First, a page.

NAME: MANUEL SOTO OCCUPATION: Independent grocer, Los Angeles suburb INCOME: $22,000 PLEASURES:California Angels baseball games COMPLAINTS: Wholesale food and gasoline prices, housing costs OUTLOOK: "I'll do well just to stay in business."

Manuel Soto opened La Quebradita Market in this heavily Hispanic Los Angeles suburb two years ago with great expectations.

"I thought we were really going to build a business here and expand to some other locations," Soto, 26, recalled in the office of his large, mostly deserted store. "Now it's a struggle just to keep what we have. My business is decreasing and it's all this inflation that's doing it."

The little rotund grocer estimated that business has dropped off nearly 20 percent since this time last year. Meanwhile, shelf prices for his goods -- meats, cheese, Mexican specialities, canned goods -- have gone up 22 percent. "People aren't buying so much anymore," he said. "They just can't afford it."

When he established La Quebradita -- "a little break" in Spanish -- Soto thought he could attract customers from Los Angeles far-flung barrio by keeping his prices 10 to 15 percent below those at the local supermarkets. He bought salvage and overstock from other retailers; he dealt with processors directly. It worked at first and he had plenty of shoppers. Then came the soaring price of gasoline.

"Believe it, man, people used to come from all over to go shopping here," said Soto, who holds a degree in business from California State University at Northridge. "Now they don't come because of the gas. They used to come here to save a few bucks but now the trips eats it all up."

Soto's fastest-growing financial woe, however, is pilferage of the stock on his shelves. Since last year, he estimated, losses from stealing have increased 50 percent.

"It's mostly these senior citizens. It just kills you to see it," Soto said. "When we take them into the back room, they say it's necessary to steal because, man, they can't afford the food. We don't call the police on them. We just tell them to shop somewhere else. I really feel sorry for these people."

Compared to the old people to the barrio, Soto said, he can't complain too much about his own situation. While he cannot increase his income to keep up with inflation, Soto remained confident he could hold onto his store. Luckily, he pointed out, the loans to finance his business were negotiated several years ago when interest rates were half of today's.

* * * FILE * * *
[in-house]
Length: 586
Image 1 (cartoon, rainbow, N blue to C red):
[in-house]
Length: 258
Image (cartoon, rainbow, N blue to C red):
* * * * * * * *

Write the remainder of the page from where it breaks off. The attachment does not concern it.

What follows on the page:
But inflation has definitely made a difference in the lives of Soto, his wife Celia and their three children. They had hopes, as recently as a month ago when the baby was born, of buying a bigger house to replace their cramped three-bedroom bungalow in West Covina, a 30-minute drive from the market. But with housing prices in the area scaling $100,000, the move has been ruled out.

"I figure I would make a real good profit if I sold my house, but no matter where I look it would be too expensive," Soto said. "I can't worry about doing anything anymore, going out. Hell, I haven't taken a real vacation in two years. All I care about is keeping my car filled with gas."

Childhood sweetheart Celia, Soto's wife of six years, plans to return to work at a photocopy service in downtown Los Angeles to help pay for some recent roof repairs on their house -- a $3,000 job financed at 14 percent. sShe'll start when the baby is 8 months old. "Maybe the children will have to work someday, too," she said.

Said Soto, whose workweek averages 64 hours:

"Sometimes you want to give up. I used to enjoy coming to work when the inflation wasn't so high and the business was growing. Now it's tapering off and it's hard getting up in the morning and going to work in the market. You come here and look around and say, "where is everyone?'"